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Community leaders and trail advocates from the Lakes Area came together to celebrate a new trailhead for the Michigan Air Line Trail, as well as the trail itself, in Commerce Township last month.
The Michigan Air Line Trailway Management Council held a trailhead (and trail) celebration at On the Dunes in Commerce Township on October 13. The event included the celebration of the new trailhead off Haggerty Road, as well as a celebration of the trail itself and the completion of the first phase of development. The second and final phase of development of the trail is expected to begin sometime next spring.
Leaders from Commerce Township and the City of Wixom were in attendance, as well as representatives from Oakland County, Michigan Trails and Greenway Alliance,
Michigan Department of Transportation, SEMCOG, Department of Natural Resources, and more.
The dedication ceremony had been delayed nearly two years. It had been intended to take place in November 2019 but was delayed by an early season snowstorm. Postponed until spring 2020, it was delayed again by the pandemic.
The second phase of construction will have trail users taking a path through downtown Wixom. Currently, there is street parking in front of downtown businesses on Pontiac Trail, but it will be eliminated to create a bike and pedestrian path. To eliminate congestion and allow access to businesses, there will be a 10-foot path for bikes and a five-foot path for pedestrians. The split path is proposed only for the downtown area.
“As much as the bridge over M-5 is a focal point of the trail, the pathway that’s going to go through downtown Wixom is going to be maybe even more so,” John Hensler, trailway manager said. “When we brag about our trail in years to come, I think we’re going to be bragging about that block where Country Corners is right now in downtown Wixom. We’re thrilled to be helping enhance the downtown a little bit with the trail going through there.”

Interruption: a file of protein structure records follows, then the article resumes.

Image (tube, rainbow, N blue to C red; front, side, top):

With the extension of the trail, organizers are seeking to designate Wixom as a Pure Michigan Trail Town. The designation is given to public routes of at least one mile in length that provide access to national, state or regional scenic resources and that “capture the natural essence of Michigan.” They may be single trails or a combination of trails, must be open to the public and substantially complete. Communities given the Pure Michigan Trail Town name are identified as vibrant places where trail-based tourism meets the needs of both trail users and town residents. If approved, Wixom will become the first official Trail Town along the Michigan Air Line Trail.
Once complete, the Michigan Air Line Trail joins route one of the Great Lake-to-Lake Trails, a 275-mile trail that connects one Great Lake to another, from South Haven to Port Huron.
“At MTGA (Michigan Trails and Greenway Alliance) we are always excited to celebrate the progress of trail networks, especially along the Great Lake-to-Lake Trails,” Andrea LaFontaine, MTGA executive director said. “We’ve seen ridership grow in popularity over the last year, so it’s pretty to cool to know that they’re coming through this community right here. When you get a community who embraces a trail, and businesses who embrace a trail, it truly makes that community’s quality of life increases for all of its residents and all of its trail users.”
According to Hensler, design for phase II of the trail is complete. He expects bids to go out in January, with construction beginning in April or May. The project is expected to take four to six months to complete.
As part of construction, a HAWK crossing (High-Intensity Activated Crosswalk) will be installed in front of Wixom Elementary on Wixom Road. Plans also call for Mack Park, a 0.2-acre park at the corner of Wixom Road and Pontiac Trail, to have a new or enhanced gazebo installed, as well as additional benches, a bike rack and water bottle refill station. Once downtown, informational kiosks will be placed with a trail map and facts, as well as trail rules and etiquette and a listing of local businesses and restaurants.
“I couldn’t be happier,” Hensler said. “I’m thrilled with how everything is finally coming together. With our friends group, we’re trying to develop some programs and events; they have tons of ideas. I think as the trail gets completed in phase II, we’re going to see even more events and stuff like that all tie into being a Trail Town.”
Michigan has more rail-trail than any other state in the country, and Oakland County alone currently has 138 miles of trail. Oakland County Executive Director Dave Coulter says it’s a goal to increase that number to over 400.
“We are happy to be adding a couple more miles to that 400-mile goal next year when we complete phase II,” Hensler said.
Author Name: Ali Zimnie
Publication Date: Nov 3, 2021